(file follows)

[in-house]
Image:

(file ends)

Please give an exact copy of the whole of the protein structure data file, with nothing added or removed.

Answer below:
[in-house]
Image: